Taste disorders

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Dysgeusia is a disorder of the sense of taste.


Any condition that affects the ability to taste is referred to as dysgeusia. While dysgeusia is often used to describe any change in the sense of taste, more specific terms include ageusia (complete loss of the sensation of taste); hypogeusia (decreased sense of taste); parageusia (bad taste in the mouth); and dysgeusia (distorted sense of taste, such as a metallic taste in the mouth). A wide variety of conditions can cause a deficit in the sense of taste, including any conditions that interfere with the functioning of the taste buds (the nerve cells on the tongue that process information about taste), conditions that interrupt the taste signal that is sent to the brain, or conditions that interfere with the normal brain processing of those signals. Processes that affect the functioning of the lingual nerve or the glossopharyngeal nerve may impair the sense of taste. Furthermore, the sense of taste is frequently dulled or impaired due to dysfunction of the sense of smell.

Causes and symptoms

There are a wide variety of conditions that can cause dysgeusia, including:

  • smoking
  • respiratory infections (colds, sinus infections, throat infection, or pharyngitis)
  • strep throat
  • inflammation of the tongue (glossitis)
  • gingivitis
  • influenza
  • dry mouth (due to medications or disorders such as Sjogren's syndrome or salivary gland disorders or infections)
  • vitamin deficiencies (such as B-12 and zinc)
  • Cushing's disorder
  • cancer
  • diabetes
  • hypothyroidism
  • liver or kidney failure
  • head injuries
  • brain tumors or other tumors that destroy or injure areas of the nose, mouth, throat, or brain responsible for taste
  • nasal polyps
  • Bell's palsy
  • multiple sclerosis

In addition, normal aging usually includes a decrement in the sense of taste as the numbers of taste buds decrease over time. A large number of medications can affect the sense of taste; antibiotics and cancer chemotherapeutic agents are common culprits. Examples of drugs that are known to cause dysgeusia include lithium, penicillamine, procarbazine, rifampin, vinblastine, vincristine, captopril, griseofulvin, and thyroid medications. Radiation therapy may cause dysgeusia.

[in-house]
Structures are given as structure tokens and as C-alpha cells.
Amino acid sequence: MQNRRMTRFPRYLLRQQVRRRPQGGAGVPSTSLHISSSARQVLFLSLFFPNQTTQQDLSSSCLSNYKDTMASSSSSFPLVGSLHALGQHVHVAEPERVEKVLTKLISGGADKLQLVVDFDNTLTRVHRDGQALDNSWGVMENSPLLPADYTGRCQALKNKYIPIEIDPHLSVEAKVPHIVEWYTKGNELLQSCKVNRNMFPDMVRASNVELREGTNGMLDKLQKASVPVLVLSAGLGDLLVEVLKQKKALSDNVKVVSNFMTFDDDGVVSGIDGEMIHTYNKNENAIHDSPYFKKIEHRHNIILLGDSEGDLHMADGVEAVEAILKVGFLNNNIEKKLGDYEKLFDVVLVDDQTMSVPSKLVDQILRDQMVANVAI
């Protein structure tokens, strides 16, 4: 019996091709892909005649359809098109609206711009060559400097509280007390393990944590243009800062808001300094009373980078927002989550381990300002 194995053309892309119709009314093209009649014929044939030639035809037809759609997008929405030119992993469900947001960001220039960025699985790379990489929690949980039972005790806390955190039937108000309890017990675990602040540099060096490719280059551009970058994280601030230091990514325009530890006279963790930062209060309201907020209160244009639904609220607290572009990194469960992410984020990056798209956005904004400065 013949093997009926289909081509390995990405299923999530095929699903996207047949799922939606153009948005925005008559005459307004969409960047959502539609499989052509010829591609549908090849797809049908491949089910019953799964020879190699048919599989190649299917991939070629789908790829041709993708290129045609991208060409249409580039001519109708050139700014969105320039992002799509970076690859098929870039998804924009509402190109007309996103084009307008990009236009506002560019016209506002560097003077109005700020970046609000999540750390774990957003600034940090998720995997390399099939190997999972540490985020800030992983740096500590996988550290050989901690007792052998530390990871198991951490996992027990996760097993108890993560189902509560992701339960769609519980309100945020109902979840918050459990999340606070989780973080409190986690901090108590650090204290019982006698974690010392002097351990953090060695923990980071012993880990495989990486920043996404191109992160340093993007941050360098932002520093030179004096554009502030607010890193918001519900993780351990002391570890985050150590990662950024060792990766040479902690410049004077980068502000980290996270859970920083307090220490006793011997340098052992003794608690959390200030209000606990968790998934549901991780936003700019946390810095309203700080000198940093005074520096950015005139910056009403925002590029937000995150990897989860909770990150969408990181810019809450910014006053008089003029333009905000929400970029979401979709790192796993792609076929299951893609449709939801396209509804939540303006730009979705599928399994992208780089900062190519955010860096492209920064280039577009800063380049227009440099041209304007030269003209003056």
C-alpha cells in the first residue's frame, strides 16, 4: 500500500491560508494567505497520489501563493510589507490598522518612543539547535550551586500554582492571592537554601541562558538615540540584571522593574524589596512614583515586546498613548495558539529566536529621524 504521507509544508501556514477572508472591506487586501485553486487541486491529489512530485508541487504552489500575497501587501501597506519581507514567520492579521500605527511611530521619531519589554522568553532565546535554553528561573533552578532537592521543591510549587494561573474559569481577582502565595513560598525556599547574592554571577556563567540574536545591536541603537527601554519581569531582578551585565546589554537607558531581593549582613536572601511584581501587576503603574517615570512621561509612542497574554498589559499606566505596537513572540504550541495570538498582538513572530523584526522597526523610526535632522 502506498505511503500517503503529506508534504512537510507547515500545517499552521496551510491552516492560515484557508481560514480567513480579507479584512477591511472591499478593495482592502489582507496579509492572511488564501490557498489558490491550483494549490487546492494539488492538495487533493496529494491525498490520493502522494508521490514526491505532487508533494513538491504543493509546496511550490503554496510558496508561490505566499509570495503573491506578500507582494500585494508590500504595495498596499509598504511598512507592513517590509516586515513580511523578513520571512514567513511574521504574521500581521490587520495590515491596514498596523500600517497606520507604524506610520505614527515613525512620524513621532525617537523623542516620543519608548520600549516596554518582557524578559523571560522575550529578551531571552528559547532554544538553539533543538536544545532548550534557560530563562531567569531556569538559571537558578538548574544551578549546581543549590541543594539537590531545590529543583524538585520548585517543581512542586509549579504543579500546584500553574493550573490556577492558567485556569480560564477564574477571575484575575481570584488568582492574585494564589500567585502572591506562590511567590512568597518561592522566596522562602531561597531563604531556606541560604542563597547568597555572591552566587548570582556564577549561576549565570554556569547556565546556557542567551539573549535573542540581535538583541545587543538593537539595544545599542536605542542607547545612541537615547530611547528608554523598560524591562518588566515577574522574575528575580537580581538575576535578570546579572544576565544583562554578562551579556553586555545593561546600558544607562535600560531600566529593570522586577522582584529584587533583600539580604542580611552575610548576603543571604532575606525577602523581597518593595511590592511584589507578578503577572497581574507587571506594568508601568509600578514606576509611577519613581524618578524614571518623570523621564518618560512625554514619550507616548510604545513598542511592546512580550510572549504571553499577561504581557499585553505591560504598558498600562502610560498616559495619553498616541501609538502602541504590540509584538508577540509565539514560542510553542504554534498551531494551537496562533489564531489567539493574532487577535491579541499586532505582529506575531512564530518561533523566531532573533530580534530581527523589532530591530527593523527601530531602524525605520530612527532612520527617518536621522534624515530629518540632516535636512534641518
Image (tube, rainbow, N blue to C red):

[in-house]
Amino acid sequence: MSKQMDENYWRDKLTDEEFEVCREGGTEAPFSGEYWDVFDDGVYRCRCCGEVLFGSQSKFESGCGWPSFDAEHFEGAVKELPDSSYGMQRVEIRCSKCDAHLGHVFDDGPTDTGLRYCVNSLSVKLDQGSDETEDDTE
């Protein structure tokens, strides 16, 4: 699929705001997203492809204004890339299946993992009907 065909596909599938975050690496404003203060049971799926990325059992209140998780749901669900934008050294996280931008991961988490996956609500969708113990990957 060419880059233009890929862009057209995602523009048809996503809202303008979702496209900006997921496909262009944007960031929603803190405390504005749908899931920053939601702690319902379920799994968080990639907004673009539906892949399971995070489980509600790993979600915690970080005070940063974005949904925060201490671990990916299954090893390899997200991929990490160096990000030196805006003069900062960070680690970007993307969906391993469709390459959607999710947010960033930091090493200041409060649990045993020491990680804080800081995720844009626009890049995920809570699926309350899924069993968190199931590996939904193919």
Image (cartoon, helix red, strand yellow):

Symptoms of dysgeusia include decreased acuity of the sense of taste or the distorted perception of an odd taste. Complete loss of taste sensation is relatively rare.


Diagnosis can be made by having an individual taste and smell a variety of test substances. CT or MRI imaging may reveal the disorder underlying the development of dysgeusia.

Treatment team

Dysgeusia may be treated by a neurologist or by the physician who is treating the underlying condition responsible for the disorder (such as an otorhinolaryngologist for various ear, nose, or throat conditions, such as nasal polyps).


Some types of dysgeusia resolve on their own, particularly dysgeusia that occurs due to an infection. When the infection clears, the dysgeusia usually abates and the sense of taste returns. When smokers stop smoking, their sense of taste may improve over time. Stopping some medications may also lead to an improved sense of taste. Individuals who suffer from dry mouth (xerostomia) may benefit from artificial saliva. Individuals with nasal polyps may note improved sense of taste after polyp removal.


Dysgeusia secondary to infection or reversible conditions like Bell's palsy may improve partially or completely with resolution of the infection or condition; dysgeusia due to medication use or smoking may also improve partially or completely when the individual stops using the medication or discontinues smoking. However, dysgeusia due to more permanent damage to the neurological apparatus responsible for taste or smell (such as head injury, multiple sclerosis, radiation treatments, or diabetes) may never improve.

Special concerns

Individuals with severely compromised taste or smell may inadvertently eat spoiled foods, leading to food-borne illness. Furthermore, without a good sense of smell or taste, there is an increased risk that an individual will not be able to protect him- or herself from exposure to other toxins, pollution, or smoke. Individuals with an impaired sense of taste may over-salt or over-sugar their food, in an attempt to compensate. They may not take in a reasonably balanced, nutritious diet with sufficient calories, because eating may become unenjoyable.



Pryse-Phillips, William, T. Jock Murray, and James Boyd. "Toxic Damage to the nervous system." In Noble: Textbook of Primary Care Medicine, edited by John Noble, et al. St. Louis: W. B. Saunders Company, 2001.


Bromley, Steven M. "Smell and Taste Disorders: A Primary Care Approach." American Family Physician (January 2000).

Ritchie, C. S. "Oral health, taste, and olfaction." Clin Geriatr Med 18, no. 4 (November 2002): 709717

Rosalyn Carson-DeWitt, MD

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ageusia Loss or impairment of the sense of taste.

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hypogeusia Diminished sense of taste. An early sign of marginal zinc deficiency, and potentially useful as an index of zinc status.

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dysgeusia Distortion of the sense of taste—a common side‐effect of some drugs.